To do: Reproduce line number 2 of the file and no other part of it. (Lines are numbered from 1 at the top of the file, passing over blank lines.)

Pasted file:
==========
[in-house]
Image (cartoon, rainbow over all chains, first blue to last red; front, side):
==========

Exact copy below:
Image (cartoon, rainbow over all chains, first blue to last red; front, side):